The next morning, I felt like my bones were gone, but I stood in line at the agency. Everybody was still talking about the games, but I kept quiet. I knew most of the other junkies here; all of us silently nodded to each other, or gave a small hello. I got a job at a place I had worked at before. It was a small mechanical parts shop that did mailing to customers all over the states. It was simple work; all I had to do was make boxes by folding them together and then sealing the bottoms with packing tape. After that, I put the boxes on a conveyor belt and they went into the packing area of the plant. I guess they didn't trust the junkies enough to let them get near the inventory.

So I worked as hard as I could and at the end of the day, one of the secretaries from the front office lined all of the temporary workers up to pay us. The last time I had worked here, a supervisor had paid us in cash, but this time the secretary walked down the line and handed us a check. As she stood in front of me, she paused. She said my name and then gave me a puzzled look.

You have the same name as a guy I dated in high school, she said as she handed me the check. I looked into her eyes and knew her, but I didn't say anything. I was embarrassed and wondered how the hell she had wound up here, six hundred miles from the dirt town we had both grown up in. I didn't say anything.

She stared at me for a brief second and then moved on down the line. I stared at the numbers on the check and remembered back to high school and kissing her at a party in some basement.

I got out of there and followed the other temp workers to a grocery store that would let us cash our checks. I had made forty-seven dollars for my eight hours and I thought that maybe I would stop by that little dress shop we had looked at the night before. I walked on as the evening heat finally went away. The shop was closing as I entered. A little bell tinkled as I entered the door. None of the girls who were busy closing up the shop even looked at me as I walked straight to the dress rack that was near the front display window. I found the dress that Steph had wanted and I fingered through the rack and found the size she wanted. Numbly, I groped for the price tag and saw that the dress cost fifty-nine dollars and ninety-nine cents. I couldn't afford it. Oh well, no matter. I would just work another day at the mechanical shipping plant and make up the difference. With that extra paycheck, I would even have enough to buy a real dinner instead of tacos.

All those years ago, I realized I was in love. Steph was my love, not the junk. It's unfortunate that her love of junk was stronger than her love of me. She's been gone for about five years now, she died in prison, but back then, we had dreams. It could never occur to me that her dreams didn't include me, or at least they didn't include me to the extent I wanted to be included.

Getting burnt by Steph didn't bother me. I would have forgiven her just about everything back then. What really stung was that she hadn't been honest with me about the way she had been stealing from our landlady. During the days when I would go work, sometimes she would go down to the landlady's apartment and fix her up. But while the old gal was in the bathroom with her gear, Steph would sift through her desk drawers, steal money orders, and rent money. Steph had finally been caught. The landlady had come out of the bathroom to ask Steph if she wanted a bump and she had walked up on Steph with both of her hands in the top desk drawer. That's the part that had stung. It didn't hurt as much as the secretary at the mechanical plant remembering, but it had still hurt.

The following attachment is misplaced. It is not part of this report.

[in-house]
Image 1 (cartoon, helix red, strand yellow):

As I walked passed my building, I could hear the cops searching through the house, looking for our stash. Steph was going to be going away for a long time. I kept walking, but I came back a week later and squared my bill up with the landlady, and told her I was sorry for everything. She gave me a smug look and took my money. She then led me down to the basement, where she had stored all of our stuff that hadn't been either broken or taken by the cops. I grabbed some extra clothes and the jar of instant coffee. I told her to trash the rest.

By the time Steph was arraigned, I had a new place to live in a boarding house. There was no way I could afford to bail her out. The bail was five hundred dollars and the last time I had seen that kind of money, I had been 19. She didn't seem to mind that I couldn't bail her out. She was getting methadone in the county lockup, and that seemed to keep her straight enough. She wasn't embarrassed about stealing from the landlady either, but she was embarrassed by the almost shameful looks I was giving her. Her embarrassment came out in the form of anger and she leveled me with it. She told me of all the things she had done while we had supposedly been in love. I guess she figured that somebody else deserved to hurt like she was. She told me about the johns and the Mexicans at the car wash, she told me about the late nights where she would sneak out and bust car windows to get at the radios inside.

Didn't I understand? She asked me cruelly. I had no answer. I was dumbfounded.

She got three years, plus time served. She would be out in 18 months.

I waited for her. But things were never the same again. The first thing we did once she was out, was fix up in a small celebration. Then we poured through the paper, looking for a place we could live together again. But after that, I always kept my suspicions of her in the front of my feelings. We tried for a while, and things almost started looking good, like they used to in the old days, but it only lasted for a little bit. We both knew we would be splitting up soon, but we desperately held on, trying to find something. Under the blankets, we didn't feel warm anymore.